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Approval Granted for Germany-Denmark Tunnel

Friday, January 4, 2019

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The German Ministry of Transport of Schleswig-Holstein state recently granted approval for the construction of an 18-kilometer-long (11.18-mile-long) sunken-tube road and rail tunnel link that will connect north Germany to Denmark.

According to project sponsor Femern A/S, the $8 billion tunnel will be the longest of its kind in the world. The first agreements regarding the Fehmarn Belt tunnel date back to 2007, with a series of delays, including environmental concerns, pushing back the slated completion date.

Project History

In 2007, Danish and German transport ministers reached an agreement to let the tunnel project move forward. In 2008, the treaty was signed by the transportation ministers, and in 2009, construction was ratified by the Danish government, with the German government also approving work. In 2010, the selection of a tunnel over a bridge was announced.

In 2011, the German government announced that it would be further delaying the development of the railway link to the Fehmarn Tunnel until 2015 due to a reduction in infrastructure investment, a result of an economic crisis at the time. Criticism of the project has arisen throughout planning: Some feared a loss of jobs that would correlate with the loss in ferry traffic, while others cited concerns over impact to wildlife.

Denmark is funding most of the endeavor, while Danish Femern A/S is the project owner. The company was able to secure approval for building the tunnel in 2015, but complying with more stringent German procedures has taken longer.

Tunnel Specifics, Moving Forward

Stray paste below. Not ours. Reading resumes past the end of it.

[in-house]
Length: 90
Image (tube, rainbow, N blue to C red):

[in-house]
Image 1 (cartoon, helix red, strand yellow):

According to Femern A/S, the structure will be built as an immersed tunnel between Rødbyhavn on Lolland and the German island of Fehmarn. Unlike a bored tunnel, an immersed tunnel is composed of hollow concrete elements created on land, which are then assembled section by section to form the structure.

First, a trench measuring 60 meters (196 feet) wide, 16 meters deep and 18 kilometers long must be dredged, followed by each tunnel element, each weighing 73,000 tons, being sealed with bulkheads and floated into position. (The elements are able to float due to being hollow.) Once the tunnel has been assembled, additional technical work can be completed, which includes tracks for the electric trains, communications systems, lighting and other necessary equipment. A special element, located roughly every two kilometers of tunnel, will house operation and maintenance equipment.

A production facility located east of Rødbyhavn will house production halls, docks and a working harbor. The factory will also have eight production lines for casting the concrete elements. Nine segments will be joined together for form one element; one element will run 217 meters long. The tunnel will contain two railway tracks and two road tubes, with each road tube having a two-lane roadway and an emergency lane. A service and escape tube will be housed between the roadway tubes.

Moving forward, Femern A/S will take a couple of weeks to review the construction requirements sent out by the approval document. Paris-based VINCI Grand Projets is leading an eight-firm international consortium on tunnel construction and element fabrication. A four-firm Dutch/German consortium, led by Boskalis International B.V. Papendrecht, is tasked with dredging work.

The tunnel is slated for completion in 2028, though German project opponents could still appeal against the approval in the Federal Administrative Court.

   

Tagged categories: EU; Europe; Government; Infrastructure; Program/Project Management; Project Management; Tunnel

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